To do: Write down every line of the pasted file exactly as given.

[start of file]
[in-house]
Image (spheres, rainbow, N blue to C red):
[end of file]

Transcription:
[in-house]
Image (spheres, rainbow, N blue to C red):